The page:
Five young entrepreneurs, known as the Tea Girls, operate a social enterprise in Halifax.
The 11- and 12-year-olds started a business out of Hope Blooms, an organization that engages young people in Halifax’s North End on education, social inclusion and breaking the cycle of poverty.
The Tea Girls say they hope to give back to their community in a big way and encourage others to do the same.
Jasaya Stephenson, Akiyrah Stevenson, Arionne Dixon-Farmer, London Goree and Bianca Tynes make up the group.
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“A lot of people see us as cute little kids, but when you change the way you see us, you see very social entrepreneurs working very hard to make children’s dreams come true and build the community and the world to be a better place. for us to grow,” Stevenson said.
The Tea Girls sell two different types of tea and 100% of their profits will be donated to their community.
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The types of tea they offer are “Happy Hibiscus” and “Magic Matcha”.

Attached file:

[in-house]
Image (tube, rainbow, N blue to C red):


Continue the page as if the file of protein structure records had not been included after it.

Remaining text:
“We get hibiscus tea from Africa, from Senegal. And we get the dried blueberries in Nova Scotia Organics tea,” Stephenson said.
The group is currently working to raise funds to build a music studio in their community. The studio will be equipped with instruments and recording equipment.
The Tea Girls, along with 100 other young people, learn about entrepreneurship and work together to help solve social problems within their community. Since participating in Hope Blooms, they say they have learned a lot about themselves.
“I learned that I could do a lot more than I thought I could. I feel like I can be a lot more myself,” Stevenson said.
“When I grow up, I want to teach other people how to be leaders, how to start their own businesses, and how to be better people,” Dixon-Farmer said.
The group will raise funds for the music studio with fellow social enterprise group, The Hot Cocoa Boys.
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Those interested in purchasing their tea and learning more about Hope Blooms initiatives can visit the website: http://www.hopeblooms.ca
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